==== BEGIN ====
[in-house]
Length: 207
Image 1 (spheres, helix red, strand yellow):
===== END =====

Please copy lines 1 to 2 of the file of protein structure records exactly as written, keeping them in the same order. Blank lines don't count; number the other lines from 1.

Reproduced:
[in-house]
Length: 207